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About G.Whiz

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    Chopper Commander

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  1. G.Whiz

    Indy 500

    Seems to me that you could use regular paddles, but once you hit the limit, your car just ended up crashing 'cuz you couldn't make the turn. I think we played it this way once because we forgot to switch over the paddles to the racing ones. I could be wrong though...? ~G
  2. Not sure about that, but you could always cut and paste into a new post. Otherwise, you could try contacting Admin -- they might be able to access posts and fix any editing problems... Something to do with the recent reno, perhaps? ~G
  3. As a matter of fact, it is an odd number. It's also a prime number... (someone had to say it...) ~G
  4. I think what is missing is the tech product that was the first computer most people owned -- the calculator. Sure, their a dime a dozen now (almost literally) but back in the day it was quite new. And of course, Douglas Adams would have been sad to find that digital watches are no longer a neat enough idea to get onto this list... ~G
  5. I think it would be easier to fake a cartridge than to fake a price tag from the 70's/80's, especially since it would be quite obvious if the sticker had been added sometime afterwards...! ~G
  6. G.Whiz

    Adventure PC

    Anyone see this? http://www.retroblast.com/newsitem.php?cid=3765
  7. I think so. We never had the 5200 in Canada, so CV was really the only "next step" until the Nintendo arrived. We always wished that the Atari had better graphics, and here was a machine that had it -- nice, slick, great colour... I still think the graphics are pretty amazing, especially considering the time. When the CV came out, I thought that Atari would come back with something, but they never did. I got into computers and away from consoles, and sort of gave up caring at that point (I guess like so many others...) ~G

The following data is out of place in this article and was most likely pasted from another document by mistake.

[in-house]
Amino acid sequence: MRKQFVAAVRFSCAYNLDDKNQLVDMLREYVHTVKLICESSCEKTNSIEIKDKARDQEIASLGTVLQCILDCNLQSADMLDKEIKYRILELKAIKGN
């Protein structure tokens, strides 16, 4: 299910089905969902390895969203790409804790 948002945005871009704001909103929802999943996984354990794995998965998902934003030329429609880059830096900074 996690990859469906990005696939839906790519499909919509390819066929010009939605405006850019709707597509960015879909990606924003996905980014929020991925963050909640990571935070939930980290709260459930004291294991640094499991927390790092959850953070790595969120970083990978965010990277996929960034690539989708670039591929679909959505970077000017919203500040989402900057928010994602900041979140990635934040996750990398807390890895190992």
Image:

8. Although I agree that he would have cared about Atari as a company, not just a cash cow, there are no guarantees that he would have had any success if he had gone it alone. As has been mentioned in other threads, this was a brand new industry he was creating, and that in itself would have been a challenge. Distribution would be the most crucial aspect of the business once the system was created, and who better than Warner in the 70s? Perhaps rather than selling to Warner, it would have been a better move to bring them on as his distribution partner. That being said, it is rare that a technical genius is also a marketing/business genius. Even the quintessential example of this -- Steve Jobs -- is likely not a "technical" genius. Sometimes people forget that without Wozniak, Apple would be nowhere today. Even today you hear Jobs referred to as the concept man, the guy who knows what is technically possible and marries that with what people want. He is not the guy who delivers the final working product. In the end, I find it unlikely that Bushnell would have done a better distribution job than Warner, and that would have had a huge impact on the success of Atari. On the other side of the coin, once the ball was rolling I do think he could have led the company on to greater things rather than suck the main concept dry. 'Course all of this is water under the bridge. I think the thing I'm most surprised at is that he didn't buy the name back when it was available in the late 90s(?). But maybe he's happy enough with his restaurants and the general public's unwavering belief that he could have done better. Why test the theory if it means risking not being the hero any more? ~G